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Ride of a lifetime Research

A team from RIT experienced zero gravity while flying aboard NASA’s Vomit Comet! I had the honor of going to Johnson Space Center in Houston, Texas, last week to cover the RIT team of James Craven, Greg Sharp, Christopher Ubelacker and Jarret Whetstone, all part of RIT’s imaging and photographic technology program in RIT’s College of Imaging Arts and Sciences.

NASA calls the C-9 aircraft the Weightless Wonder, but it’s more commonly known as the Vomit Comet because sometimes its passengers expel their breakfast or lunch during the flight as the plane does a series of parabolas (about 32!) over the Gulf of Mexico. The plane did live up to nickname for several members of our team and the other university teams!

Teams from the University of Texas at Austin, University of Southern Maine, Rhodes College and University of New Mexico flew on July 17 and 18 along with our team.

The Weightless Wonder is used as a research aircraft for student experiments. The C-9 is part of NASA’s Reduced Gravity Student Flight Opportunities Program

RIT tested the feasibility of inkjet printing in a weightless environment. The team’s proposal was among one of about forty undergraduate proposals accepted based on scientific and outreach merits. It’s a very competitive selection process with NASA receiving 80 proposals this year.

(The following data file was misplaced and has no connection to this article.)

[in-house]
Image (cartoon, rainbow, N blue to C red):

To execute their experiment, the team constructed something that looks like a phone booth tipped on its side. Inside the “phone booth” were two inkjet printers. A high speed camera was also mounted to the inside of the “phone booth.” It documented the ink drops shooting out of the print heads. The images captured the velocity and direction of the ink drops.

Simultaneously, the printers generated test targets varying from detailed pictures to images of lines and shapes. The objective of the test targets was to see if there were differences in print quality in a weightless environment.

In addition to spending time with the team, I also got to meet several alumni who work for NASA. RIT has about 15 alumni who work for Johnson Space Center.

Two of them are in the accompanying photograph. Robert Markowitz, a 1989 graduate, is on the far left. Lauren Harnett, a 2007 graduate, is next to Robert. Both are alumni of the imaging and photographic technology program. Lauren and Robert shot video and photographs aboard the Vomit Comet. Next to Lauren is Chris, James, Greg, and Jarret. Chris Ubelacker, the team leader for RIT, will describe his experience in an upcoming blog entry.

 
  1. Julie Long
    Jul 24

    "I feel the need, the need for speed!"....hey Ghostrider, awesome reporting on the Vomit Comet!

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